Selecting Hard Drive Storage
Apple gives you some hard drive choices when you buy a Mac. The drives vary in capacity, and with some models, you have a choice of rotational speed. You can also replace the hard drive in an existing Mac with a bigger or faster drive.
You may also want to look at two other options for expanded capacity outside the Mac: NAS (network attached storage) and SAN (storage area network), which, despite the acronyms, aren’t opposites. I discuss both later in this section.
Rotational speed is a measure of hard drive speed in revolutions per minute (rpm), the speed at which the platters inside the drive spin. The faster the rotational speed, the faster the drive performance.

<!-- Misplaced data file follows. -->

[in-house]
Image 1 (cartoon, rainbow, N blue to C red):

The lowest rotational speed you’ll find in a Mac that supports Mountain Lion is 5,400 rpm, which Apple used in some Mac mini and MacBook models. A speed of 5,400 rpm isn’t particularly speedy for a server, so consider replacing such a drive with the next level up, 7,200 rpm. This is the fastest drive you’ll see in notebooks and many desktop computers, aside from a solid-state drive. 7,200 rpm is also the standard in the high-end Mac Pro.
Apple used to offer 15,000-rpm hard drives for the Mac Pro and Xserve. In some models, Apple now offers solid-state drives, which are faster than even 15,000-rpm hard drives. Solid-state drives have no moving parts, like USB flash drives. Solid-state drives are also significantly more expensive per gigabyte than hard drives.